Question: Can you suggest how to simplify the maze of information about long-distance rates?
Answer: Consumer Action, a nonprofit consumer group in California, completed a long-distance rate survey in fall 2001. Here are some of the highlights of the study to help you decide if you can save money by selecting another plan from your current carrier or if switching carriers may save you more.
As competing carriers scramble to enhance profits, they often make up the difference in competitive rates by adding charges, surcharges and fees, so knowing basic rates is only part of your comparison challenge. For example, customers who elect to have their long-distance charges combined with their local phone bill must pay $1.50 per month for the service.
Carriers are required to contribution a portion of their revenues to subsidize local phone service for low-income and rural people and discounted services to schools, libraries and rural health-care providers. Most of the major carriers charge a universal service fee of 9.9 percent and, according to Michael Balmoris of the Federal Communication Commission, carriers send "approximately 6.9 percent of revenues to fund these programs."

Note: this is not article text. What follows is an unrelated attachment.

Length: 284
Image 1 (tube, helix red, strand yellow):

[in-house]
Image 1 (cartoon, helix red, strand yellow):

Following are some consumer tips suggested by Consumer Action.
- Make sure you select a calling plan. Basic rates for the "Big Three" carriers (AT&T, MCI, and Sprint) are 30 cents a minute from Monday through Friday. When Consumer Action compared a "calling basket" of 42 daytime, 42 weekday evening and 42 weekend minutes, they found that you would pay $29.82 if you had a basic plan. With a calling plan, you might pay from $9.66 up to $17.55 for the same calling time, depending upon the carrier you select and the specific carrier plan.
- Calling directory assistance is an expensive way to get a phone number. This may cost as much as $1.99 per call. Instead, use 411.com and get your telephone numbers over the Internet.
- There are many carriers in addition to the "Big Three." Consumer Action compared 19 carriers and 44 discount plans. You can find their entire survey online at www.consumer-action.org or order a copy of the Consumer Action News issue with the "Long Distance Rates Survey" from Consumer Action, 717 Market Street, Suite 310, San Francisco, CA 94103-2109. Send a self-addressed envelope with 57 cents postage.
If you have a cellular phone or if you purchase a calling card from a discount store, you may find that you don’t need long-distance service at all.